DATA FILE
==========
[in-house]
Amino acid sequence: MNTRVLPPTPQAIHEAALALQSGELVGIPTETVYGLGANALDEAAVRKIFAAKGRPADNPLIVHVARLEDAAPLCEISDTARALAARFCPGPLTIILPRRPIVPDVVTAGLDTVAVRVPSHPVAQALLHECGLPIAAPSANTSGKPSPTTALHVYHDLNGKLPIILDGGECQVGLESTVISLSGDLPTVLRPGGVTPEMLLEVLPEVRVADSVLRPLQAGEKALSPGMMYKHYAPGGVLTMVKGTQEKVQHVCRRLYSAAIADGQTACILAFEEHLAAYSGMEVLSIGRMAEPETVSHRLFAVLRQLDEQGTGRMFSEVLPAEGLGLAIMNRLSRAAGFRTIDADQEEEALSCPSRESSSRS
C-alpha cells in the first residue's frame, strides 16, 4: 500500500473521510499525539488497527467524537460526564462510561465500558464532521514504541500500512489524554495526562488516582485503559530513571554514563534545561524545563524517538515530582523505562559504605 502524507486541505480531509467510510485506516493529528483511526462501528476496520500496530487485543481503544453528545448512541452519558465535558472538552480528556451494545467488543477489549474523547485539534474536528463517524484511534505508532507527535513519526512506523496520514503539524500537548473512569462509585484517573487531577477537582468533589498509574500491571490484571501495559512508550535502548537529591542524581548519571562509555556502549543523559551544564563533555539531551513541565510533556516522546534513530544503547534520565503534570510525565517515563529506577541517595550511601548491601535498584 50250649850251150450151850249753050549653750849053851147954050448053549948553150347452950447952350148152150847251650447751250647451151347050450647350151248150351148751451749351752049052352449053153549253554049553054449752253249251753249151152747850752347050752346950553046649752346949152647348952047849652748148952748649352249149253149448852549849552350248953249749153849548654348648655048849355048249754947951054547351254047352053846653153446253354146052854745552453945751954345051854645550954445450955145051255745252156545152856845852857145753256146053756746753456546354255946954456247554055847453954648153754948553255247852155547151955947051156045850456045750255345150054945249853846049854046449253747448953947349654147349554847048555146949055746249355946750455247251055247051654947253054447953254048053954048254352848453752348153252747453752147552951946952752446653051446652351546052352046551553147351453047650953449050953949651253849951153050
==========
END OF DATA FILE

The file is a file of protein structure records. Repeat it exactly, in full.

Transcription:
[in-house]
Amino acid sequence: MNTRVLPPTPQAIHEAALALQSGELVGIPTETVYGLGANALDEAAVRKIFAAKGRPADNPLIVHVARLEDAAPLCEISDTARALAARFCPGPLTIILPRRPIVPDVVTAGLDTVAVRVPSHPVAQALLHECGLPIAAPSANTSGKPSPTTALHVYHDLNGKLPIILDGGECQVGLESTVISLSGDLPTVLRPGGVTPEMLLEVLPEVRVADSVLRPLQAGEKALSPGMMYKHYAPGGVLTMVKGTQEKVQHVCRRLYSAAIADGQTACILAFEEHLAAYSGMEVLSIGRMAEPETVSHRLFAVLRQLDEQGTGRMFSEVLPAEGLGLAIMNRLSRAAGFRTIDADQEEEALSCPSRESSSRS
C-alpha cells in the first residue's frame, strides 16, 4: 500500500473521510499525539488497527467524537460526564462510561465500558464532521514504541500500512489524554495526562488516582485503559530513571554514563534545561524545563524517538515530582523505562559504605 502524507486541505480531509467510510485506516493529528483511526462501528476496520500496530487485543481503544453528545448512541452519558465535558472538552480528556451494545467488543477489549474523547485539534474536528463517524484511534505508532507527535513519526512506523496520514503539524500537548473512569462509585484517573487531577477537582468533589498509574500491571490484571501495559512508550535502548537529591542524581548519571562509555556502549543523559551544564563533555539531551513541565510533556516522546534513530544503547534520565503534570510525565517515563529506577541517595550511601548491601535498584 50250649850251150450151850249753050549653750849053851147954050448053549948553150347452950447952350148152150847251650447751250647451151347050450647350151248150351148751451749351752049052352449053153549253554049553054449752253249251753249151152747850752347050752346950553046649752346949152647348952047849652748148952748649352249149253149448852549849552350248953249749153849548654348648655048849355048249754947951054547351254047352053846653153446253354146052854745552453945751954345051854645550954445450955145051255745252156545152856845852857145753256146053756746753456546354255946954456247554055847453954648153754948553255247852155547151955947051156045850456045750255345150054945249853846049854046449253747448953947349654147349554847048555146949055746249355946750455247251055247051654947253054447953254048053954048254352848453752348153252747453752147552951946952752446653051446652351546052352046551553147351453047650953449050953949651253849951153050